Wireless communication on Linux is much more than merely a wireless session at a café. Spread out and enjoy the rest of the radio spectrum too.
Put “wireless” and “Linux” on the cover of the same magazine, and people are going to expect 802.11b, or Wi-Fi, networking. We won't disappoint you, as our master chef, Marcel Gagné, covers some desktop tools that you can use to manage your wireless connections (page 24).
Also on the desktop, if you're tuning in to satellite radio and want to control the receiver from Linux, you're in luck. Michael J. Hammel has a friendly GUI app for you. Follow along and learn how you can modify it or write your own applications (page 78).
We got a lot of positive response to Eric Blossom's introduction to software radio in our June 2004 issue. People want a beginner's software radio project to do, so Eric generously developed and wrote up the FM receiver on page 42. Even if you missed the first article, this one will have you listening to FM stations with software. You need a signal for testing, so now corporate radio finally will be worthwhile for someone other than the three Eagles fans who don't have a copy of “Hotel California” and the one guy who wants to buy a Toyota but doesn't know where the dealer is. Once you get started, there are plenty more projects to explore in software radio, so keep in touch when you invent something.
Ian McLoughlin and Tom Scott are quietly inventing a new RF communications mode, with the help of a Linux cluster, Linux FPGA tools and more. See how a modern engineering lab works with Linux on page 36 and get some ideas.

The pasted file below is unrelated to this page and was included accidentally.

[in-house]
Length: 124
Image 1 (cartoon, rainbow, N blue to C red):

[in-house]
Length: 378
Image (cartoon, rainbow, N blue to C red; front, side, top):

If you're a radio ham, and a little disappointed with the lack of OS diversity in the mainstream amateur radio magazines, you're sure to enjoy Volker Schroer's intro to PSK31 under Linux on page 50. In the early days of LJ, we had a lot of ham readers, so write in if you want more on amateur radio.
Not that ham radio isn't plenty educational and community-building, but radio amateurs settled for a bad deal with governments when radio regulation came into effect, nailed down in the US with the Radio Act of 1927. Amateurs were forbidden to broadcast music, news or general-interest programs. Hams in the 1920s put concerts and sports events on the air but found themselves relegated to talking about—well, mostly about radios. For details, see Bill Continelli's “History of Amateur Radio” on ham-shack.com.
What could have been the first peer-to-peer media went silent. Don't let it happen to new technologies—no matter how tempting it is to want to regulate spam, viruses or “bad software”, doing so could mean we'll wake up to find that all our favorite community Web sites can talk only about Cascading Style Sheets.
Whether you simply want a control panel for Wi-Fi and better music selection via satellite radio, or you're ready to break out the soldering iron and invent a whole new application for software radio, there's plenty to learn and enjoy in this issue. Have fun and see you next month.